Frequently Asked Questions

Automotive experts recommend an oil change every 3,000 to 5,000 miles depending on your driving style, the environment, and the type of oil you use. 

Yes, ask sales for more information.

  1. Ensure your tires are cold (meaning rested for at least 3 hours before tire pressure check or driven a mile or less at moderate speed). The best-case scenario is to wait until the following morning before you head out to check them.
  2. Check the manufacturer’s recommended PSI located on the driver’s side door jamb or indicated in your owner’s manual.
  3. Unscrew the air valve cap – this should be a protruding piece on top of the valve stem.
  4. Press the gauge to the open valve. If you hear a whistle of air, that is normal.
  5. Read the gauge and write down each tire’s PSI.
  6. Adjust the air pressure until it meets the recommended PSI by inflating them with an air compressor.
  7. After filling the tires, re-check each with your tire pressure gauge to ensure they are not overinflated. Let out air if necessary.
  8. Repeat this procedure monthly.
  9. It is ultimately your choice to go for a standard or digital tire pressure gauge. 
  10. Alternatively, you can use the air compressor at most gas stations.

Typically, tire rotation is called for every 5,000 to 7,500 miles, though there are exceptions.

The owner’s manual will spell out what should be done for your vehicle.

Yes, I have 60 day- temp plates for instate buyers and 30-day temp plates for out of state buyers.  Out of state buyers register their vehicles where they live as soon as possible. 30-day temp plates are not allowed in Massachusetts. Out of state buyers should check their State DMV for information about Temp plates.

The answer is no. No “Buy Here Pay Here”. Credit Unions are the best place to get a loan.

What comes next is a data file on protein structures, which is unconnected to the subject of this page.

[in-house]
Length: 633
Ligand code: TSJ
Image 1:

When you see a huge puddle of oil beneath your car, it’s never good news, and you can be fairly sure it’s a serious problem. But what if you only see a bit of oil? Or what if your oil level goes down, but you never see any leaks? What if your leaks only occur when your engine is cold or parked on an incline? With so many potential signs and types of engine oil leaks, it can be difficult to know when a leak is a big problem and when it isn’t.

  1. sticking calipers or caliper slides overheating the pads & rotors
  1. Warped Rotors
  2. unevenly torqued lug nuts (noted)
  3. failure to completely clean the hub to rotor mounting surface.
  4. cheap brake pads that can leave residue on the rotors, creating an uneven braking surface that gets worse over time
  5. your own braking style (noted)

Tire rotation is undertaken to ensure that the tires wear evenly. This can extend tire life and save you money.

Even tire wear is also important for balanced handling. For example, failure to rotate tires on a front-wheel-drive vehicle will eventually result in the front tires having significantly less tread than the rear tires. In an emergency, this could make the vehicle more difficult to control, especially if the road is wet.

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